"They don't even notice the flavor at all," Krumpeck says. "I'm always looking for ways to hide it."
One of her strategies for disguising seaweed also is among the simplest, Krumpeck says. She boils a strip of kombu with beans, soup or stew. The kelp, a natural flavor enhancer, leaches nutrients into the cooking liquid but doesn't alter the essential taste of other ingredients.
"If people are just going to try one, that would be the one I would suggest," says Mary Shaw, culinary educator at Ashland Food Co-op, which sponsored Lawrence's class.
"And it doesn't have a fishy taste — it doesn't really have any taste."
Kombu, Shaw explains, also makes beans easier to digest. Equally approachable, the seaweed mucilage known as agar thickens her chocolate pie without tainting the filling's sweetness.
Stuffed with spinach, bell peppers and onions, the frittata that Lawrence and husband Paul Gerardi eat every morning also camouflages the addition of seaweed, toasted dulse in this case. But cooks interested in exploring seaweed's true flavors can eat dulse as Lawrence and Gerardi do — on a sandwich with lettuce and tomato. They've dubbed it a D.L.T.
"It had a really nice, brown, toasted flavor," says Linda Kreisman, 64, of Ashland.
"I was pleasantly surprised that there was only one there that was really rubbery," she says, referring to Lawrence's preparation of a salad common in Japanese restaurants made with cucumbers and the seaweed known as wakame.
Although Lawrence and Gerardi tried to expand seaweed's repertoire, a nod to the culture that has popularized its consumption in the United States and elsewhere was unavoidable.
"Sea vegetables have been consumed for more than 1,000 years," Anderson says. "The Japanese cultures have some of the lowest disease rates on the planet."
More recently, naturopathic physicians such as Ellen Heinitz have found sea vegetables help the body stave off herpes simplex and shingles. Algae, such as chlorella, bind to heavy metals and remove them from the body, the Grants Pass practitioner adds.
"Some of the species of seaweed we're finding (have) great immune-support benefits," Heinitz says.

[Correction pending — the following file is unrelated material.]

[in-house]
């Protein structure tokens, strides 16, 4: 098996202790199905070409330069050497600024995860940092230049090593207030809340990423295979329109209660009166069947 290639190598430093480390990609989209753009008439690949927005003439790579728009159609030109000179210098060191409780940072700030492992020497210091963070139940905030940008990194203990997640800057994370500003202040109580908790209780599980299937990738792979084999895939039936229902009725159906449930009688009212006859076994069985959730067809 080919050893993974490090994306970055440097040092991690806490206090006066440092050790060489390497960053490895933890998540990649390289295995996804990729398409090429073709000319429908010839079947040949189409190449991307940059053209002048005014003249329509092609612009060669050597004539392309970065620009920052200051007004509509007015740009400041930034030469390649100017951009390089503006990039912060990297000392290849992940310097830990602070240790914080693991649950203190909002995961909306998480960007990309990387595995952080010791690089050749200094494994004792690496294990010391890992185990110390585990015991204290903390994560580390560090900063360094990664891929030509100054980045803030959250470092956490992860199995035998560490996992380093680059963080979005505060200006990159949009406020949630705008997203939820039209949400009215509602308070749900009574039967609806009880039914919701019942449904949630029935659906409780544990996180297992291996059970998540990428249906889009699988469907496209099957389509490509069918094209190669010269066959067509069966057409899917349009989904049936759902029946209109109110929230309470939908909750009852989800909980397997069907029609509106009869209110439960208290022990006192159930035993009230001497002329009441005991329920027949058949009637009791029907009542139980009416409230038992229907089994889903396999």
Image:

"It makes so much sense to me that they help detoxify the body from heavy metals," she says.
Seaweed has long been recognized as a clean-up tool in aquatic environments, where it soaks up fish waste and excess nutrients near hatcheries. But seaweed's status as a marine sponge also means it could retain any contaminants present in water that sustained it before harvest.
Most seaweeds used in supplements, Heinitz says, are grown in contained vats. Shaw recommends purchasing seaweed from a known source, such as Mendocino Sea Vegetable Company, which harvests wild plants in Northern California. The origins of some seaweeds sold in Asian markets may be hard to discern, she adds.
Buying the highest quality possible, Anderson says, particularly when a food is dehydrated, ensures that most of its nutritional value remains intact.
Even if a few of its beneficial properties dried up, seaweed would still have one of the most favorable calorie-to-nutrient ratios in the food world, an attribute that impresses Liz Birmingham, who also appreciates seaweed's low glycemic index.
"I always tried to imagine what you would do with it," says the 52-year-old Ashland resident, who observed seaweed harvests along Puget Sound for the 20 years she lived in Seattle yet only recognized its prevalence in sushi.
"I'm just kind of realizing there's a lot you can do with it," she says. "The dessert was surprisingly delicious — made with seaweed!"